At first glance, reviewing motorcycles and riding gear for a living may seem like a bit of a dream job. You can probably imagine an all-expenses-paid trip to some sunny location just for the sake of riding brand new bikes along some exciting stretch of road. Heaven on two wheels, yeah? Well not quite. And that’s because reviewing bikes for a living comes with some solid caveats that mean it’s not all wine and roses at the end of the day.
The harsh reality is that there are a bunch of expectations placed on motorcycle reviewers—be they self-imposed or set up by industry heavyweights—that mean the accuracy and truth behind the articles of these mostly male, mostly middle-aged writers is probably less than you’d expect. So let’s take a deep dive into the world of professional motorcycle reviewers and see why they aren’t always on the money.
5. THRASHING BIKES
I’ll be the first to admit that I’m not the world’s greatest motorcycle rider. As a marketing executive from a major Japanese manufacturer once told me, “That guy there used to race bikes for a living. He’s a much better rider than you, so his thoughts about our bikes counts for more than yours.”
And while there is some truth in that sentiment, there’s also a big, gaping hole in the logic. And that’s the fact that only one percent of the general public can ride like he does. And the other ninety nine percent? Well, they ride a lot like me.
Fast forward to the press launch of the new bikes, and these pros are now riding the absolute bejesus out of the bikes. This is fuelled partly by ego, partly by the fact that they don’t own the bikes, and also partly by the knowledge that speeding camera fines on launch events are dealt with by the organisers. Soon, they are likely complaining under their breaths about how the bike’s suspension set-up is too soft or how the bike lacks power.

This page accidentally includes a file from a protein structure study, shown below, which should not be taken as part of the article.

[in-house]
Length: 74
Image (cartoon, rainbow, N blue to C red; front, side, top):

That’s the equivalent of getting into a Toyota Corolla and then bitching about how badly it’d do in an illegal street race. Sure, some of them understand the logical disconnect and will review the bike with an understanding that it’s not intended to win the MotoGP, but I’ve seen plenty of reviews that don’t, too.
4. MISSING THE BIGGER PICTURE
Without naming names, many established manufacturers have been trying to tap into the seemingly lucrative commuter and beginner motorcycling segment in a more proactive way for years. A highlight of this push has been the opening of factories in countries like Thailand and India.
Intended to both provide cheaper bikes and to sell directly to locals, it turned out to be an interesting insight into just how manufacturers balance a marketing-lead design decision with the basic tenets of their brands. Put simply, they are walking a fine line between selling a ton of cheap bikes in developing countries and not tarnishing their reputations in the West.
There have been some bad missteps here. Yes, I do have the luxury of 20/20 hindsight, but I’m not afraid to say that more than one bike made to take advantage of this market seemed doomed to failure from the get-go. Even regular riders would’ve been able to tell you that the bikes were bottom-dollar marketing exercises and time has shown that they were not a whole lot more.
Furthermore, some brand diehards were up in arms about how far off the mark these bikes were. So you’d assume that the professional reviews for the bikes would have raised at least some of these concerns, yes? But they didn’t. Not at all. Which leads me to my next point…
3. TREATING MANUFACTURERS WITH KID GLOVES
For all the things that I loathe about Jeremy Clarkson, I have to admit that he was never afraid to take on the manufacturers. If he was tasked to review a car, and he decided that it had a flaw, he’d bring it up for everyone to see. Yes, he was the biggest name in the business—and yes, he’d sleep well at night knowing that he wouldn’t wake up the next day unemployed. But herein lies the rub with the two-wheeled automotive industry.